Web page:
Williams syndrome is a rare disorder that can lead to problems with development.
Williams syndrome is caused by not having a copy of 25 to 27 genes on chromosome number 7.
- In most cases, the gene changes (mutations) occur on their own, either in the sperm or egg that a baby develops from.
- However, once someone carries the genetic change, their children have a 50% chance of inheriting it.
One of the missing genes is the gene that produces elastin. This is a protein that allows blood vessels and other tissues in the body to stretch. It is likely that missing a copy of this gene results in the narrowing of blood vessels, stretchy skin, and flexible joints seen in this condition.
Symptoms of Williams syndrome are:
- Feeding problems, including colic, reflux, and vomiting
- Inward bend of the small finger
- Sunken chest
- Heart disease or blood vessel problems
- Developmental delay, mild to moderate intellectual disability, learning disorders
- Delayed speech that may later turn into strong speaking ability and strong learning by hearing
- Easily distracted, attention deficit hyperactivity disorder (ADHD)
- Personality traits including being very friendly, trusting strangers, fearing loud sounds or physical contact, and being interested in music
- Short, compared to the rest of the person's family
The face and mouth of someone with Williams syndrome may show:
- A flattened nasal bridge with small upturned nose
- Long ridges in the skin that run from the nose to the upper lip
- Prominent lips with an open mouth
- Skin that covers the inner corner of the eye
- Partially missing teeth, defective tooth enamel, or small, widely spaced teeth
Exams and Tests
- Narrowing of some blood vessels
- Dental problems, such as teeth that are widely spaced
- High blood calcium level that may cause seizures and rigid muscles
- High blood pressure
- Loose joints that may change to stiffness as the person gets older
- Unusual star-like pattern in iris of the eye
Tests for Williams syndrome include:
- Blood pressure check
- Genetic testing, such as a blood test for a missing piece of chromosome 7 (FISH test or microarray)
- Urine and blood tests for calcium level
- Echocardiography combined with Doppler ultrasound
- Kidney ultrasound
There is no cure for Williams syndrome. Avoid taking extra calcium and vitamin D. Treat high blood calcium if it occurs. Blood vessel narrowing can be a major health problem. Treatment is based on how severe it is.
Physical therapy is helpful for people with joint stiffness. Developmental and speech therapy can also help. For example, having strong verbal skills can help make up for other weaknesses. Other treatments are based on the person's symptoms.
It can help to have treatment coordinated by a geneticist who is experienced with Williams syndrome.
More information and support for people with Williams syndrome and their families can be found at:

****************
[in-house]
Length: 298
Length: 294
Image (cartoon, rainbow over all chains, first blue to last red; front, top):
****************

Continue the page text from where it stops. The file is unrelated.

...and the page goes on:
Williams Syndrome Association -- williams-syndrome.org
Most people with Williams syndrome:
- Have some intellectual disability.
- Will not live as long as normal due to the various medical issues and other possible complications.
- Require full-time caregivers and often live in supervised group homes.
Complications may include:
- Calcium deposits in the kidney and other kidney problems
- Death (in rare cases from anesthesia)
- Heart failure due to narrowed blood vessels
- Pain in the abdomen
When to Contact a Medical Professional
Many of the symptoms and signs of Williams syndrome may not be obvious at birth. Contact your health care provider if your child has features similar to those of Williams syndrome. Seek genetic counseling if you have a family history of Williams syndrome.
There is no known way to prevent the genetic problem that causes Williams syndrome. Prenatal testing is available for couples with a family history of Williams syndrome who wish to conceive.
Anna C. Edens Hurst, MD, MS, Associate Professor in Medical Genetics, The University of Alabama at Birmingham, Birmingham, AL. Review provided by VeriMed Healthcare Network. Also reviewed by David Zieve, MD, MHA, Medical Director, Brenda Conaway, Editorial Director, and the A.D.A.M. Editorial team.
Bockenhauer D. Fluid, electrolyte, and acid-base disorders in children. In: Yu ASL, Chertow GM, Luyckx VA, Marsden PA, Skorecki K, Taal MW, eds. Brenner and Rector's The Kidney. 11th ed. Philadelphia, PA: Elsevier; 2020:chap 73.
Morris CA. Williams syndrome. In: Pagon RA, Adam MP, Ardinger HH, et al, eds. GeneReviews. University of Washington, Seattle, WA. www.ncbi.nlm.nih.gov/books/NBK1249/. Updated March 23, 2017. Accessed November 5, 2019.
National Organization for Rare Disorders website. Williams syndrome. rarediseases.org/rare-diseases/williams-syndrome/. Accessed December 27, 2021.